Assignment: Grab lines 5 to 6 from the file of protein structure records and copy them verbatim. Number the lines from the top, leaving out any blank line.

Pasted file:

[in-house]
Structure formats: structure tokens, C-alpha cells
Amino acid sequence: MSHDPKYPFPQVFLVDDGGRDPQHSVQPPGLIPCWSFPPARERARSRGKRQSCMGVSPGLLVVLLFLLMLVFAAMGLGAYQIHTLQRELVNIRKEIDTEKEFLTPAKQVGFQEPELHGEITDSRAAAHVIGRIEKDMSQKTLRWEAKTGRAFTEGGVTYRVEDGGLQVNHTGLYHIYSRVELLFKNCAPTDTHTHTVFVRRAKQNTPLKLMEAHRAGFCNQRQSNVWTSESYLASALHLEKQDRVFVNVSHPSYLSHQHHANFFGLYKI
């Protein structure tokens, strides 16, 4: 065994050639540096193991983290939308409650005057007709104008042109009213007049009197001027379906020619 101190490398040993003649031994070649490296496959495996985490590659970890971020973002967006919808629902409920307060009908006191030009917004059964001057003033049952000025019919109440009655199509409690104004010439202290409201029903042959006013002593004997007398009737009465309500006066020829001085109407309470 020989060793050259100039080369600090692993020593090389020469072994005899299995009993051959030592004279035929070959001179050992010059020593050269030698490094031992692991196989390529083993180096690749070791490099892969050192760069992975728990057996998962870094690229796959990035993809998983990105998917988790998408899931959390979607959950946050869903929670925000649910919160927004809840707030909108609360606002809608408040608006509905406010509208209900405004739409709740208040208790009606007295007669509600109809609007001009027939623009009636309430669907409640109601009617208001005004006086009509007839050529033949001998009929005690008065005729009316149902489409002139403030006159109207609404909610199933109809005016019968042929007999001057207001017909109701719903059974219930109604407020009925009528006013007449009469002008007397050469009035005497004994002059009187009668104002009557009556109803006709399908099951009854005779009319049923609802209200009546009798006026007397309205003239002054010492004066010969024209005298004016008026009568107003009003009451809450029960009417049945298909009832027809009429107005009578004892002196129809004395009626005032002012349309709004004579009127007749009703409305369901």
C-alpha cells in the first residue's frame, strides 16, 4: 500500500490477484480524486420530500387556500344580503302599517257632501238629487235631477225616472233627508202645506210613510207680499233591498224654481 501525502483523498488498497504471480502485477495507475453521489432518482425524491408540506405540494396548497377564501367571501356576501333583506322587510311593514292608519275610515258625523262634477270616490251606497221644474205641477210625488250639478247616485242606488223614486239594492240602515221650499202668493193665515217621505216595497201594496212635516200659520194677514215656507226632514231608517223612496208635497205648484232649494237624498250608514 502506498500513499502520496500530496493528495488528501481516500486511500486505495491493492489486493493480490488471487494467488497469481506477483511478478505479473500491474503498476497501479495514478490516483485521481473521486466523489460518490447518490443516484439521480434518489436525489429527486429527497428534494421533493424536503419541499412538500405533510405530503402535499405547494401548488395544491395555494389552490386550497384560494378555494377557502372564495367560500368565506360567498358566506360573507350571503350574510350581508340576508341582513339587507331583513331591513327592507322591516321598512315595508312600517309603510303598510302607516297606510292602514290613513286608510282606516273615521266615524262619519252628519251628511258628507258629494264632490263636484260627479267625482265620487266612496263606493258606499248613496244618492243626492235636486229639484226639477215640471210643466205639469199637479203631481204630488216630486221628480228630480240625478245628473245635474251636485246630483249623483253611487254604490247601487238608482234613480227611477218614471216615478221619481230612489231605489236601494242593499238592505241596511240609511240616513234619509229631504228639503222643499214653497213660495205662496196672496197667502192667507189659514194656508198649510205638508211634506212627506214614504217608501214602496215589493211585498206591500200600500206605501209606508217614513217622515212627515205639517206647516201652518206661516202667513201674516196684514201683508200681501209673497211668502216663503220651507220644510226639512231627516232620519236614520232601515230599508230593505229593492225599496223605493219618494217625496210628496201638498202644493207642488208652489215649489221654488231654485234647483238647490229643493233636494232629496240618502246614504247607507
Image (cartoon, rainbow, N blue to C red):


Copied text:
C-alpha cells in the first residue's frame, strides 16, 4: 500500500490477484480524486420530500387556500344580503302599517257632501238629487235631477225616472233627508202645506210613510207680499233591498224654481 501525502483523498488498497504471480502485477495507475453521489432518482425524491408540506405540494396548497377564501367571501356576501333583506322587510311593514292608519275610515258625523262634477270616490251606497221644474205641477210625488250639478247616485242606488223614486239594492240602515221650499202668493193665515217621505216595497201594496212635516200659520194677514215656507226632514231608517223612496208635497205648484232649494237624498250608514 502506498500513499502520496500530496493528495488528501481516500486511500486505495491493492489486493493480490488471487494467488497469481506477483511478478505479473500491474503498476497501479495514478490516483485521481473521486466523489460518490447518490443516484439521480434518489436525489429527486429527497428534494421533493424536503419541499412538500405533510405530503402535499405547494401548488395544491395555494389552490386550497384560494378555494377557502372564495367560500368565506360567498358566506360573507350571503350574510350581508340576508341582513339587507331583513331591513327592507322591516321598512315595508312600517309603510303598510302607516297606510292602514290613513286608510282606516273615521266615524262619519252628519251628511258628507258629494264632490263636484260627479267625482265620487266612496263606493258606499248613496244618492243626492235636486229639484226639477215640471210643466205639469199637479203631481204630488216630486221628480228630480240625478245628473245635474251636485246630483249623483253611487254604490247601487238608482234613480227611477218614471216615478221619481230612489231605489236601494242593499238592505241596511240609511240616513234619509229631504228639503222643499214653497213660495205662496196672496197667502192667507189659514194656508198649510205638508211634506212627506214614504217608501214602496215589493211585498206591500200600500206605501209606508217614513217622515212627515205639517206647516201652518206661516202667513201674516196684514201683508200681501209673497211668502216663503220651507220644510226639512231627516232620519236614520232601515230599508230593505229593492225599496223605493219618494217625496210628496201638498202644493207642488208652489215649489221654488231654485234647483238647490229643493233636494232629496240618502246614504247607507
Image (cartoon, rainbow, N blue to C red):